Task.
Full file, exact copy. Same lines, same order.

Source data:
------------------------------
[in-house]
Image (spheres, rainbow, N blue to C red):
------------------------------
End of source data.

[in-house]
Image (spheres, rainbow, N blue to C red):